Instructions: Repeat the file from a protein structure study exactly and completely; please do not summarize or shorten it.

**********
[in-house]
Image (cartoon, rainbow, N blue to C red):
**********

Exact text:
[in-house]
Image (cartoon, rainbow, N blue to C red):